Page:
Back when I was working at the Merchants Insurance Group, circa early 80s, I had to find a new ad agency. It was a priority challenge, and I was unclear about the process. To make it short, I hired the then largest agency in Buffalo, Healey Schutte & Comstock. The agency quickly assigned a young account manager, David Warfel. He turned out to be a good fit for marketing novices. One of our many early challenges was to develop collateral materials. We needed those materials to be upscale and were willing to spend whatever it took. Our young new account manager asked, “So you want to go four-color?” I said, “No, use all the colors–however many it takes.” Thus began my education and slow slide into in the mar com world. For the past almost forty years, Warfel and I have stayed close, sometimes with him being the client and me being the account manager. After moving on from HS&C, David went to Y&R, and then BBD&O. As a client he directed marketing at United Clearing in London, England and The World University Games before taking the marketing helm as VP of Global Marketing at Zippo Manufacturing. During his long tenure in the business, he bought and managed a lot of trade shows, resulting in as many opinions. The following from David might prove helpful.
“I get worked up about trade shows, which I really hate. Maybe I’ll write a book, “Trade Shows, Do It Right Or Stay Home.”
Trade shows are complex and a big investment. I’ve been involved in too many shows.
When an exhibiter was asked why they were at a show, the answer I got the most was: “We have to be here. People would wonder why we aren’t.”
It seems they thought that it would look bad if they didn’t go:
that the company was having trouble, that revenue was off, that they were going out of business, or that they were afraid the competition would get a leg up.
What should be the most important consideration? Having a very clear reason, a defined objective, and a measure to determine if the objective has been met is the most important. But there are many reasons to go: to build awareness or a market position, to introduce something (old or new), to generate sales leads, to close on open deals, to meet specific players, to demonstrate leadership in the market, etc.
Your comments on “big idea, big promise, big creative are key, but they should be a three-dimensional execution of the current brand messaging. A show is not the place to introduce those elements but to reinforce them.
The booth and exhibit get confused. Sure the exhibit is Cinderella’s castle, but the exhibit is part of the booth, which should be a coordinated environment. All booth elements need to support the message. And that’s more than the sales reps in matching polo shirts with the company logo.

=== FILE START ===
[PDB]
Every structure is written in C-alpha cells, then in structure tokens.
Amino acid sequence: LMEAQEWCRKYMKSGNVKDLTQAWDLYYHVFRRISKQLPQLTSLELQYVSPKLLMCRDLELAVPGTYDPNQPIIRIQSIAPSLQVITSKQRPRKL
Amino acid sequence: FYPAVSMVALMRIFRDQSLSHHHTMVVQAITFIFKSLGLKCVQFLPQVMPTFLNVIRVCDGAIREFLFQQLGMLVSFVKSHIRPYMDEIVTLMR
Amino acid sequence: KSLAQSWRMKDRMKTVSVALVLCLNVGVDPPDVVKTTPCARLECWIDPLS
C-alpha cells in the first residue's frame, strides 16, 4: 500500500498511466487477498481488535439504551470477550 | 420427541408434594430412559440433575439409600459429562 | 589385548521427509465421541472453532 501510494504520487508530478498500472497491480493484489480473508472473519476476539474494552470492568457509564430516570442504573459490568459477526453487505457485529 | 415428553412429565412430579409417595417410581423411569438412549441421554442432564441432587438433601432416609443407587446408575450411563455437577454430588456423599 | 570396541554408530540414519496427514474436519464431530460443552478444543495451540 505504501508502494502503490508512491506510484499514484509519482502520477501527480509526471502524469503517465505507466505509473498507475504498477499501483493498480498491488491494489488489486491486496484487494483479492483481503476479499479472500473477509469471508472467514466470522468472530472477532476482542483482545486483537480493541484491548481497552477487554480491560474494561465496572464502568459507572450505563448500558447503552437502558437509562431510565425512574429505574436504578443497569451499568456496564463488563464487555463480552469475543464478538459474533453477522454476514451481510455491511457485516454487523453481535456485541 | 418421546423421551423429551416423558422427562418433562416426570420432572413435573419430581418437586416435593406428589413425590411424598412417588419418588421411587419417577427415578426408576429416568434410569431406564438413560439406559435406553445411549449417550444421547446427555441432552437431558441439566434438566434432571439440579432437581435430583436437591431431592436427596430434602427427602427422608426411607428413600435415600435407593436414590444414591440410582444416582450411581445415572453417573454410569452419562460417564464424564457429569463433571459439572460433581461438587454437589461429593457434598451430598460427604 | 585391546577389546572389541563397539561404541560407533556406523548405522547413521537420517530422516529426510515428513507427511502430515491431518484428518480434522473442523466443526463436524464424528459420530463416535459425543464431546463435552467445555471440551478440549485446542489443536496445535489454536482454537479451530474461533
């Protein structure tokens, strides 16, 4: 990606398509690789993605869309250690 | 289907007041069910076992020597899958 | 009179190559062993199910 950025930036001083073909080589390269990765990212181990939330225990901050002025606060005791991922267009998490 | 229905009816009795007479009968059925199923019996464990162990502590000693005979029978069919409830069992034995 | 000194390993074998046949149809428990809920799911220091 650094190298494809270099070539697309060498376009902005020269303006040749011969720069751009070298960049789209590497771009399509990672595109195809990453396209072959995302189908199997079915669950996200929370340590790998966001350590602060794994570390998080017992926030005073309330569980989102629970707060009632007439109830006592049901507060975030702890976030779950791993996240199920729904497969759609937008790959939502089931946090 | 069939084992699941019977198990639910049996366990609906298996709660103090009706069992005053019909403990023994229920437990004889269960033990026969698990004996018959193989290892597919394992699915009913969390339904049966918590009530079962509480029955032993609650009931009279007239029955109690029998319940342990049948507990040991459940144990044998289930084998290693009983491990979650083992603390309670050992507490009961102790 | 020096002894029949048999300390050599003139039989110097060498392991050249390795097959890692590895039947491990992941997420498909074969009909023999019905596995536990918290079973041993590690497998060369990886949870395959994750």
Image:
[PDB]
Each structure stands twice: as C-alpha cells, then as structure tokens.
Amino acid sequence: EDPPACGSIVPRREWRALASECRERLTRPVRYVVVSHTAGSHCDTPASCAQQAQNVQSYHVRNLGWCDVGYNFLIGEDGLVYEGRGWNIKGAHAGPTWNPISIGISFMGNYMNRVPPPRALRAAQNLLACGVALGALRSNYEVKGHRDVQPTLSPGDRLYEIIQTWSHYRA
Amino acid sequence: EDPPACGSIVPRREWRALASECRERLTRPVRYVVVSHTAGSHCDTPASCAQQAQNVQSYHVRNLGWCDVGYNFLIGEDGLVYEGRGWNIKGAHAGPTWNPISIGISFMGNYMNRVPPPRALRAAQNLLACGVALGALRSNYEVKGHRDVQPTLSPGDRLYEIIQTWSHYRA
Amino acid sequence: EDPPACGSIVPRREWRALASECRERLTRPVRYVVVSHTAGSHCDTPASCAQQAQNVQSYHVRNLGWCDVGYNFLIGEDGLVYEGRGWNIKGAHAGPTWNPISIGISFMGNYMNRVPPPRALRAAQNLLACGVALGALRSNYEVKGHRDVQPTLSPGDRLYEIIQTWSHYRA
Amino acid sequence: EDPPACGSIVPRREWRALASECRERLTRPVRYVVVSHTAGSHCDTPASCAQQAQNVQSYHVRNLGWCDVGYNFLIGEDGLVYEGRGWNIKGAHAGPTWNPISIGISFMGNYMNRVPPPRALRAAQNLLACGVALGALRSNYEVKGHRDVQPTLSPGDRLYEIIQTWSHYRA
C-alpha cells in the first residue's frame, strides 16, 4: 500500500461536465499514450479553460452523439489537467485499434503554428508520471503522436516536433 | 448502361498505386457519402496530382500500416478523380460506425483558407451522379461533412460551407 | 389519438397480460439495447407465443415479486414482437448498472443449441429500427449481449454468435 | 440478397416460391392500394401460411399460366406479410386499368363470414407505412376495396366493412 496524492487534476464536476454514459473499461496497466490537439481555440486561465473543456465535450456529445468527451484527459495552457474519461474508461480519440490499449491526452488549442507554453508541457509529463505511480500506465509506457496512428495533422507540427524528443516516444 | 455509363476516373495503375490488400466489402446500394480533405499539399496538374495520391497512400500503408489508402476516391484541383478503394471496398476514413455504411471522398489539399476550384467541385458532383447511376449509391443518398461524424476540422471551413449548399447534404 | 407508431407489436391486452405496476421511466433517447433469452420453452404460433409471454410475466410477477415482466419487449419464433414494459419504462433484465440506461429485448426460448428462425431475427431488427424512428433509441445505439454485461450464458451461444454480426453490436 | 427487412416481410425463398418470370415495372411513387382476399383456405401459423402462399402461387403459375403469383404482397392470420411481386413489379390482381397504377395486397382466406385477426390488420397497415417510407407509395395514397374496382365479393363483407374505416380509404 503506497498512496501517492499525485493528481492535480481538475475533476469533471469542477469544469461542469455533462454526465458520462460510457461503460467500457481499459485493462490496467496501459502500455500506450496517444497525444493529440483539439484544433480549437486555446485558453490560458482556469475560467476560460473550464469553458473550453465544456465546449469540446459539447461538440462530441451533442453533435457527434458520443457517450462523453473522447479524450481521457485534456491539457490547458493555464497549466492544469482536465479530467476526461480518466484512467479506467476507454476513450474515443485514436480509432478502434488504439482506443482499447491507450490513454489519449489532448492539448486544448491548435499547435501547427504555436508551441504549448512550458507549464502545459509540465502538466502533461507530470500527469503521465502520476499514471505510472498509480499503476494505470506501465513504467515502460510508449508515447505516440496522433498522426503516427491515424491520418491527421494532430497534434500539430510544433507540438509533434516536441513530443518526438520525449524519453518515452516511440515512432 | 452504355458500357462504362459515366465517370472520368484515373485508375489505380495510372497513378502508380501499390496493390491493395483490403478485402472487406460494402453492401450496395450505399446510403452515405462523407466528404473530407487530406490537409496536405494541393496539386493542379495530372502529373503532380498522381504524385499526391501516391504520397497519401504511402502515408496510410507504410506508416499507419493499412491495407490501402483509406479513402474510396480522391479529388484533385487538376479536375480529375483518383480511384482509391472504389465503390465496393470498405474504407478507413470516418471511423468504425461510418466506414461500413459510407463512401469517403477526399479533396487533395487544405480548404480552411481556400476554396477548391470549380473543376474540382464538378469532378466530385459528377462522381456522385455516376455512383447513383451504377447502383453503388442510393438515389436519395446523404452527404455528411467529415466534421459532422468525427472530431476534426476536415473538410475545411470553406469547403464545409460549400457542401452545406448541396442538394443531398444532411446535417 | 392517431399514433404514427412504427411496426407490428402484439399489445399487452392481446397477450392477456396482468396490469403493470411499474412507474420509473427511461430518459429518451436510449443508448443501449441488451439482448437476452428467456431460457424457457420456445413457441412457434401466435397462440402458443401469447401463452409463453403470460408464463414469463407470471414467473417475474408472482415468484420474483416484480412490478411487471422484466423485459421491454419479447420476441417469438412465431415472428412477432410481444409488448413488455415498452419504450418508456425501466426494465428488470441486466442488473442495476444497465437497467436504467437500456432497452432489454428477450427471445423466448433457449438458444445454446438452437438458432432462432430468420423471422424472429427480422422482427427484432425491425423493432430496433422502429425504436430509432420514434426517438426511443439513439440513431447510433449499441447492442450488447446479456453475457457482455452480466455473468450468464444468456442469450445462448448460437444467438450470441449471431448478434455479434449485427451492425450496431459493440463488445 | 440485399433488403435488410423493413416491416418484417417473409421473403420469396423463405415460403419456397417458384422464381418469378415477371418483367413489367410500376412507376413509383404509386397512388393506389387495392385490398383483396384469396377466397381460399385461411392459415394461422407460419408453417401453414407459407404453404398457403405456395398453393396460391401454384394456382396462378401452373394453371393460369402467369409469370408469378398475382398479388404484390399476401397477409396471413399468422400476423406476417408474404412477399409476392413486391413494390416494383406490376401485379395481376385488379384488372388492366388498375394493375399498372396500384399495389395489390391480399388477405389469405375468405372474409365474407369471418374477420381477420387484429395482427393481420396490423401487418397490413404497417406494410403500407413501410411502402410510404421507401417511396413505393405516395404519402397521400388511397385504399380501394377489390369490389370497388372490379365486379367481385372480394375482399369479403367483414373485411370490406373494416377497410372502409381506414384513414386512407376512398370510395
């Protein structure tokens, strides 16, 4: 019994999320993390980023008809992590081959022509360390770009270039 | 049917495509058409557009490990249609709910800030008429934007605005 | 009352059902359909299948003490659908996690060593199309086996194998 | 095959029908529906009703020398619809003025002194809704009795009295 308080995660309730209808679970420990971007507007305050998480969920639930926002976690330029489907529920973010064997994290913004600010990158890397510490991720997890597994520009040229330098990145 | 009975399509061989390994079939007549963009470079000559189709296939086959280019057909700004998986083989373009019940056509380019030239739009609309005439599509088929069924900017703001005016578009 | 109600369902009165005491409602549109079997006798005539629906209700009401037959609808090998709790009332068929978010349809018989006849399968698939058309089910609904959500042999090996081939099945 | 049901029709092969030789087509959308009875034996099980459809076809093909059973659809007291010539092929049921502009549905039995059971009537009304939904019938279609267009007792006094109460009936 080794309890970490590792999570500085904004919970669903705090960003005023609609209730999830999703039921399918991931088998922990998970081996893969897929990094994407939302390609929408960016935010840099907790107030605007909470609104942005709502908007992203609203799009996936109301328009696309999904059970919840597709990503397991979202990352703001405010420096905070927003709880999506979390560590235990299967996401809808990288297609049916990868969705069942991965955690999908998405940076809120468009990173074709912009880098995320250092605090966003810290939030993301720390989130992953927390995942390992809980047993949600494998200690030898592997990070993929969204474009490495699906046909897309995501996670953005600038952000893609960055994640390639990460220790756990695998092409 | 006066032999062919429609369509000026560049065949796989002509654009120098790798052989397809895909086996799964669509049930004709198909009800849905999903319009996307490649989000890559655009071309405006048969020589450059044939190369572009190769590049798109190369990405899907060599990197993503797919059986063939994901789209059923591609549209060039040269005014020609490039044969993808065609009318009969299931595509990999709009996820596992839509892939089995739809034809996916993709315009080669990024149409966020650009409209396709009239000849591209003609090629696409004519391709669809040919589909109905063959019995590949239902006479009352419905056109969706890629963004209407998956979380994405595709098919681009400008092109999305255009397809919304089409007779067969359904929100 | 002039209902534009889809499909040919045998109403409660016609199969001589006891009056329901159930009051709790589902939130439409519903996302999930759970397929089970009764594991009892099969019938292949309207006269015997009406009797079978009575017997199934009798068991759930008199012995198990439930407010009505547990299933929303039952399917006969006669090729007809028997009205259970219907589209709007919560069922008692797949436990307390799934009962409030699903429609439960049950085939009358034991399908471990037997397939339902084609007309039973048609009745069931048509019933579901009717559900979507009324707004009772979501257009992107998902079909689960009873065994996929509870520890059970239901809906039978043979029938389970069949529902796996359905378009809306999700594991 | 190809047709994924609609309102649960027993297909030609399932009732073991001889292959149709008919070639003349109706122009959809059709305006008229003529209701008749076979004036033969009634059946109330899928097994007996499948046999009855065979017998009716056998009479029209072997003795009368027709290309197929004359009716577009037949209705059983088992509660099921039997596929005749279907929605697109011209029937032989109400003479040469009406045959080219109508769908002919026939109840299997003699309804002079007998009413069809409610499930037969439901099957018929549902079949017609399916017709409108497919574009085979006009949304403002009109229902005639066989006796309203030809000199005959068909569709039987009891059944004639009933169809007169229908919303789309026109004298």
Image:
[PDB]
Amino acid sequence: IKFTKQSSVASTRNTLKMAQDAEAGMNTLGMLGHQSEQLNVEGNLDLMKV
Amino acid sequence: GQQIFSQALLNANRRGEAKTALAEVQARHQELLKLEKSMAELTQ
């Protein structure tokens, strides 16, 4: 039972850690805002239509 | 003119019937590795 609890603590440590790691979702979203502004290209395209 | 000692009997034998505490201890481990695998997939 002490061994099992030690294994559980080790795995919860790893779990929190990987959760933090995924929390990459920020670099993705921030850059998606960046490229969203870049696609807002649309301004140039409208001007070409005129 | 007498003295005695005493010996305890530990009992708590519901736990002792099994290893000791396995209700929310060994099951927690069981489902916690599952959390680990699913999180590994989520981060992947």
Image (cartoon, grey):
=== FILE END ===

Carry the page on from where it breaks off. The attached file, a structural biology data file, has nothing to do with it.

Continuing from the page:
Successful retailers get this. Customers go into the suit department at Brooks Brothers. They enter a unique, special place, different from the main floor. It’s like a men’s club, board room, an upscale hunting lodge. They want to be there; it plays to their egos and aspirations.
Ok, a hardware show is not Brooks Brothers, but it can create a captivating environment that fits the space. Why does it need to look like the inside of a Tru-Value?
A show is in three parts: what you do before the show, what you do at the show, and what you do after the show. There may be 30,000 attendees, but how many are going to actually walk into your booth? Prime the pump. Give them a reason before the show. You have heard this: there is an invisible wall between the aisle and the booth. Visitors have the same hesitance we all have when going to a car dealer. They think if I go in, I will not get out without being mugged. Many attendees attend the show with a defined mission. Make your booth a planned destination in their mission.
Too often a box full of contacts and leads is brought back then ignored. There’s not a better prospecting list than a market that has demonstrated an interest in your business. Make them your best friends. Follow up: send thank you notes, send product info, invite them to something. It’s the reason to go to a show.
One last point. Many exhibitors are pretty savvy on the right way to manage show participation. They know how to manage show data and follow-up. And that creates another problem. Some poor purchasing manager gets back to the office the day after a show and a hundred sales reps are calling to come see him. More competitive clutter for you to cut through.
Everyone in the trade show business talks about on-time, on-budget and great service. Those are just table stakes. How are you going to differentiate yourself in a crowded competitive market?
As an exhibit designer, I come at this from a slightly different perspective……… I agree with everything David said, with the emphasis on branding. A company’s exhibit is a 3 dimensional extension of a company’s brand. When this information is not presented, it sometimes falls on the exhibit designer to extract this information in the process of designing their exhibit.
Continuity is a phrase I like to use. Continuity of the brand, the company, and the values they stand for need to be woven throughout the exhibit experience. Again, like David stated, this needs to follow through to all aspects of the show, pre-show, during show, and follow up, far beyond the exhibit itself. One point to add beyond the look and feel of the exhibit, which as stated, are keys to success, is the function and operation of the exhibit. It needs to go up easily and without issues. A great exhibit suffers if it’s a pain to set up and breakdown. Great article!